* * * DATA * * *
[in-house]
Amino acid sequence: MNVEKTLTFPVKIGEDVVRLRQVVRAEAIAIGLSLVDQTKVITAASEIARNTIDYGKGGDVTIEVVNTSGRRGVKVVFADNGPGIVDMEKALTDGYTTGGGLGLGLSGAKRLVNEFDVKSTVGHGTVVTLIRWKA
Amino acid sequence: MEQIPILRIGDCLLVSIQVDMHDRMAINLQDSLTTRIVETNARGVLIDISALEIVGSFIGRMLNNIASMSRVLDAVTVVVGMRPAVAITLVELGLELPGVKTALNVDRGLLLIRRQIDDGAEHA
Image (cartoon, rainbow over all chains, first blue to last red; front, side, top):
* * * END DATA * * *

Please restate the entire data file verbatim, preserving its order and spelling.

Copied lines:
[in-house]
Amino acid sequence: MNVEKTLTFPVKIGEDVVRLRQVVRAEAIAIGLSLVDQTKVITAASEIARNTIDYGKGGDVTIEVVNTSGRRGVKVVFADNGPGIVDMEKALTDGYTTGGGLGLGLSGAKRLVNEFDVKSTVGHGTVVTLIRWKA
Amino acid sequence: MEQIPILRIGDCLLVSIQVDMHDRMAINLQDSLTTRIVETNARGVLIDISALEIVGSFIGRMLNNIASMSRVLDAVTVVVGMRPAVAITLVELGLELPGVKTALNVDRGLLLIRRQIDDGAEHA
Image (cartoon, rainbow over all chains, first blue to last red; front, side, top):